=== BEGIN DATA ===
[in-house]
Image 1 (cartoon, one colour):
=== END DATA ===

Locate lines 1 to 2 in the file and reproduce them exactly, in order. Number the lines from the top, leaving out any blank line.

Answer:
[in-house]
Image 1 (cartoon, one colour):